You gotta love New Zealand. Yes, it’s the home of breathtaking landscapes, those cute, cuddly little koalas, the somewhat mystifying but delicious kiwi fruit, and probably a host of other stereotypes. But it’s also home to the Unsolicited Electronic Messages Act of 2007, and unlike some other countries which will remain nameless, their spam legislation is not only meant to be used, it has teeth. Serious teeth.
And last week, that’s what West Australian businessman Wayne Mansfield discovered when he got bitten by the law designed to keep our inboxes safe from junk, whether it be illegitimate or legitimate. Mansfield, you see, thought it was okay to spam people about his business seminars. And this is a malady that we know only too well: marketers who assume that just because the Internet’s there and just because there are people out there who are connected to it, marketers seem to make the false assumption that we’re plopped in front of our screens just waiting for unsolicited crap to change our lives with business seminars, holiday sales, super cheap prescription drugs, and countless other unwanted pitches.
Well, Mr. Mansfield got his wakeup call when the New Zealand High Court fined him NZD $95,000 (roughly USD $77,000) for sending unwanted messages to users between April and September 2010. The New Zealand Department of Internal Affairs received 53 complaints during that time, and unlike other countries which continue to remain nameless, the government there actually does something about the social disease known as spam.
The judge in the case had no problem slapping the hefty fine on the spammer, who advertised seminars on social media marketing, negotiating, power selling and time shifting, whatever that is. According to WA Today, one of his spam messages was entitled “Someone is waiting for your call – don’t be a Cold Calling Scaredy Cat.” The irony is delicious, of course, because after this, Mr. Mansfield will most likely be the King of the scaredy cats, or at least he should be.
The offense took place over four seminars offered in Auckland, NZ, with seats for the events selling at NZD $199 (about USD $160). Even though Mansfield is an Australian and the messages originated from Australia, Justice Edwin Wylie ruled that the New Zealand anti-spam law applied in this case and threw the book at Mansfield.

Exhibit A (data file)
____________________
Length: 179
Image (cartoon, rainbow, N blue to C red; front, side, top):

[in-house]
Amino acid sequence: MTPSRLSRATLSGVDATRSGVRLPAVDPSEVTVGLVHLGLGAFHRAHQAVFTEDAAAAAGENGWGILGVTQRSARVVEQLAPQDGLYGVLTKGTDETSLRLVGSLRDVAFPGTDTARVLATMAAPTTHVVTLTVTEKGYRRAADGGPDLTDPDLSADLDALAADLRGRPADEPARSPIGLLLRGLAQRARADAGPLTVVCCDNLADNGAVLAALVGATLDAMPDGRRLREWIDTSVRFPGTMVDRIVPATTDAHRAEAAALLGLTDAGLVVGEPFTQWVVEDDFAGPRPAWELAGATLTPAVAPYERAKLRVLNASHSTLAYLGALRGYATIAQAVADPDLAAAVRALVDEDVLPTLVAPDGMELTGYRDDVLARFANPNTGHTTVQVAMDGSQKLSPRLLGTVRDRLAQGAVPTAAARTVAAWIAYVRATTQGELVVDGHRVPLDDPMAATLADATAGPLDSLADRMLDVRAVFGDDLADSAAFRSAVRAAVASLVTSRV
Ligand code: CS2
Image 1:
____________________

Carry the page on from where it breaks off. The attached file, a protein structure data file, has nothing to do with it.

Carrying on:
When the Department of Internal Affairs first contacted Mansfield about the complaints, Mansfield provided a database of approximately 67,000 email addresses that were recipients of his spam. Mansfield apparently stated that he normally ‘only’ sent around 10,000 emails, but that hardly makes him an innocent here. According to WA Today, the judge in the matter noted that the “message [sic] were unsolicited because a number of the complainants did nto [sic] have a business relationship with mansfield [sic], they continued to receive messages even after hitting the “unsubscribe” button and Mansfield admitted he had purchased the email addresses from a third party, the Image Marketing Group.”
Email marketers take note: WA Today reports that Mr. Mansfield told the Department of Internal Affairs that he changed his IP address after his messages became blocked by Internet providers. Now, this type of behavior is not acceptable, and deeming yourself to be ‘legitimate’ doesn’t give you the right to inject black hat tactics into your marketing campaigns.
The judge in the case noted that Mansfield has probably sent out hundreds of thousands of spam emails and maybe even close to a million, and he pointed out that “in such circumstances, express, inferred or deemed consent to the receipt of emails from Mr [sic] Mansfield or Business Seminars NZ is inherently unlikely.” Yeah, you go, judge! If you were over here in North America, you’d be a folk hero and already have your own television show.
And it turns out that this isn’t Mansfield’s first infraction. We reported on Mr. Mansfield last year, and in 2006, it’s reported by WA Today, Mansfield was “fined $1 million personally and his company Clarity1 $4.5 million by The Australian Federal Court for sending 75 million emails between April 2004 and April 2006.” It’s not known if these numbers are in Australian or New Zealand dollars, but hey, who cares? Sounds like this dude’s going to have a sore wallet for a while. Hopefully, this will be a message to legitimate marketers everywhere to back off. The public’s just not going to take it anymore. Period. End of story.